I was brought up in a hell-fire and damnation church in Kentucky with the preacher yelling and screaming about how sinful we were and how consigned to hell we were, pounding his fist on the pulpit for emphasis every Sunday. This was a powerful and toxic drama that had these effects on me: 1)a tendency to think the worst of myself, 2)a sense that God sat on my shoulder judging everything single thing I did and 3)a disinclination to have anything to do with Christianity. Later in my life I realized that the minister lied to us every Sunday; he lied by taking one part of the teachings—God’s judgment– and exaggerating it while excluding any talk of God’s love for us.
We moved up north when I was 13, but the damage was already done. I was terrified of God, very much down on myself and sin-oriented. The northern version of God was a little more balanced and cerebral—there was no pounding on the pulpit or screaming. As a young adult I joined a church but later drifted away from it. It became very hard for me to even listen to Christian language without bringing back that vengeful God. So I avoided Christianity more and more.
By the time I was in my forties my husband and I had been in a cult for eight years that emphasized Jesus as the model human being, not the Son of God. This was very appealing to me, because I still was really tied to God, but unable to resolve a lot of the questions I had. I had tried to patch God’s love onto the old judging God, but it was only a patch. The cult, for all its limitations, set me firmly on a spiritual journey that led eventually back to the church and to loving God. But then there were all the questions I had to deal with—was God loving or vengeful? Was Jesus the Son of God or a man? Did the resurrection happen? Was it really a virgin birth?
The question my mind loved most was the Jesus one. I went back and forth for quite a few years on whether Jesus was the son of God or just the very best model for mankind. I wore myself out thinking about this and finally settled it this way: I asked myself if I would act any differently if either one were true and not the other? My answer was no. The question was finally settled for me in the way all paradoxes can be held: by embracing both. The science/religion and the loving God/judging God questions can be settled in the same way: while science does not support the literalist version of the Bible, we also don’t understand what a “day” was in God’s time. We can’t understand the mystery of creation, and scientists have limited understanding of the universe so we can say that both are right. Today cosmologists state that they understand only 4% of the universe, all the rest is “dark matter” which they know exists, but have no idea what it is. Again a paradox.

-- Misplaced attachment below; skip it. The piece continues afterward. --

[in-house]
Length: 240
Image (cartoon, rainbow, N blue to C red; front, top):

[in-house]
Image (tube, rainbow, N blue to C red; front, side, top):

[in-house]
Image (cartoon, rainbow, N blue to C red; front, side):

Often we do get caught up in the intellect’s love of an argument, going back and forth like I did for so many years on the nature of Jesus, but in the end it is just an intellectual exercise that won’t change anything and that doesn’t matter to any part of us except the mind. We can stay on this intellectual plane for years and never embrace the life that Jesus models for us. I think of Jesus as bringing together the heart and the mind to understand both the letter of the law and the spirit of the law, and of engaging in a very personal relationship with the Father. If we’re so concerned with the questions about who he is, we can miss out on the intimate relationship that he wants to have with us, just like the one he has with the Father. If we’re holding back mentally until the argument is won, we must be also holding back our hearts until this is resolved. The mind has such power only if we allow the fight to continue.
Embracing the paradoxes of Christianity frees us to enter into a close relationship with the Lord. And isn’t that the point anyway? Mental gymnastics just keep us in the gym. Jesus invites us out of our narrow mental confines into a close relationship with him: to engage with people, to model a code of conduct with love and to serve others in his name. That’s a lot more engaging than any mental battle.